In Théo Haggai's Studio
At the occasion of the exhibition “Keith Haring, the political line” at the Musée d’Art Moderne of Paris, Artsper is meeting Théo Haggai, young 22-year-old artist, born in Paris but living in Aix-en-Provence and currently exhibited at the Nicolas Hugo Gallery.
Artsper: What did you want to do when you were a child?
I wanted to be a “plate layer” (plate up) but one day my mother told me that the profession did not exist! Both my parents are comedians, thus, I took this path when I was in secondary school and took 3-4 years of theatre class but it bored me very fast, it did not fit me. I wanted to play what my parents played, I wanted to be with them. I passed the baccalaureate and I had some interests for the photo. It began with some photos of parties and folks and step by step I was attracted by another culture, another media and I discovered a real artistic discipline. I moved on in a MANAA and then a visual communication BTS.
Artsper: So, finally, being an artist was a real ambition, a dream or a blind chance?
I don’t think I wanted it initially but I was plunged into this environment, so it has influenced my choices unintentionally.
Artsper: You began the photo as a self-taught but is it the same for drawing?
I started drawing in February 2012. It came more or less randomly. I was making portraits, it bored me and one day I drew this man on a corner table and it was off!
Artsper: How do you define yourself as a photographer?
I took some photos we can define as “fashion photos” because it was a universe that really inspired me, but I realized fast that many people were a lot more talented than I was in this field…I like the ultra-worked aspect of fashion photos which is at the same time in contradiction with the natural image that photos can produce. I’m still trying to find myself as a photographer. LaChapelle inspires me as much as Newton. But more and more, I like to put myself on a performance in my photos, play on humor and self-mockery around off-the-wall and absurd situations. Besides, I’m thinking of integrating the drawing to some of the photos I may do later but for the moment I can hardly find images that satisfy me to rework them graphically.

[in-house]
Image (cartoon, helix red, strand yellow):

Artsper: Photo, drawing, painting, stop-motion, your work has evolved very fast: what is the medium which interests you the most and how do you see the progress of your work?
At the beginning, I thought that drawing was the end: I liked the idea of being able to represent what I wanted with just a pencil stroke, some black and white…Now, I’m applying myself less in my drawings because I would like to enlarge them, to use bigger formats with some paint for example. Therefore, my drawing is now closer to the sketch or draft than it was before. Then, some drawings will have no added value to be transposed to painting, since both media are independent.
Artsper: How do you build your work everyday? What does inspire you?
When I started the photo, I saw the picture of a renowned name and I was telling myself: “well, it’s cool, how did he do that” and then I felt around…I rarely reached the same result but I liked it anyway. Regarding my drawings, cinema, books and some websites really inspire me: I see a picture, I write some words or ideas…Weeks pass, I fall again on a piece of paper and tell myself “what can I do with it? What does it tell me? How can this word be illustrated?”
Artsper: You’re often compared to Haring, what does it do to you?
It scares me! I’m not scared to be influenced by what he does, but I absolutely don’t want to do “bad Keith Haring” unconsciously. For the moment, I don’t have a huge artistic culture, I learn new things everyday and this is my only inquiry, but for that I cannot say “I find myself in this artist, I’m influenced by this other one, etc”. Of course, every “Big” inspires me (Miró, Picasso, Basquiat, Haring, Pollock to only cite them). Finally and for now, I have the feeling that I’m not totally inspired, and as a result, I think it gives me more freedom!
Artsper: Haring and Basquiat often gave a political connotation to their works. Making the choice to use a recurrent and identifiable character is not insignificant. Do you want to make it the spokesperson of something one day? Is it a free figure or one day you will give it a message to give?
When we do art and when we do it this way, I think we don’t have the choice. It becomes a symbol, even a logo. We have to put the character in a particular situation. For example, when I’m drawing a character, he is often in a quiet or dead environment…In some times from now, he will have some opinions, some political or international messages to give. The graphic evolution would be to create a new universe, to have new representative color codes, new characters, etc…An unconscious representation of the real world. As I said earlier, this idea of message will come later, when I’ll be more mature and experienced! It’s not all to give a love and peace message, yet one needs to have something concrete to say.
Artsper: Your man has already seen a lot of things. What will you never show him?
Never? Nothing, I think he can be wherever. My goal is for him to be universal. At worst, I will blindfold him! He will go wherever he is welcomed, with great pleasure.
Find all Théo Haggai’s works of art at the Nicolas Hugo gallery until May 13th for the exhibition “Ma Che Bella” and sold on Artsper all year!
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